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Elevating the Art of Guitar Repair and Design for the last 4 1/2 decades.

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San Diego Vintage Gibson Hummingbird Bridge Replacement

Several years have past since I put up this post.

Although this job was completed flawlessly ...

The setup time on this Gibson Hummingbird,
was a couple of hours start-to-finish.

With the TechDeck and the new Bridge Slotting jig
this job has been reduced to 12 minutes ;^ ) ... 

This setup works very slick. 
This job was done in one of my Level 2 Classes
as a tutorial for my students.

Bruce Kirkaldy sent this one ( below ) 
up from San Diego California for some restoration work.
Thanks Bruce! ...
 for giving me the opportunity 
to bring this old gem back to life !

I have a strong hunch that this Ol' Girl 
sat in the case with that broken bridge
 for a good 30+ years. 
I added the rosewood bridge pins,
figurin' it was about time to 
dress the Grand Old Gal up 
and take her out to the ball.

Gibson Hummingbird Bridge
This press-fit sandwich of bone and rosewood 

replaces the original bolts and fasteners.
I left the brass body inserts in the top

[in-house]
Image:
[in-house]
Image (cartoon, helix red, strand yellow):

so that if someone wanted to put 
the original adjustable contraption back in 
.... be my guest !

This press fit replacement delivers the string force directly to the sound board surface, more like a typical ' Martin ' style bridgeWhat does that mean for the sound ? ......... Well it pretty well means a lot more of everything !
More bass more treble more projection more sustain more volume and a lot more stability!
Fret level /re-crown /buff on those upper frets

If you look closely at the bone and rosewood sandwich insert .... you will see that I have decreased the pitch of the angle from treble to bass in order to tweak the intonation more precisely.

Get a load of this case ! Go on .... blow up the picture and take a real close look.

I did NOT through cut the channel like the original bridge. I decided to leave a floor of rosewood at the bottom of the slot for a little more stability.

After the bridge was glued on, I "connected the dots" with a 1/4" router bit to form the wide channel for the fasteners and insert.

The first two holes I drilled, before I started to cut and carve the 7" x 1 1/2" x 1/2" block of rosewood .... were the centering holes for the threaded brass body inserts.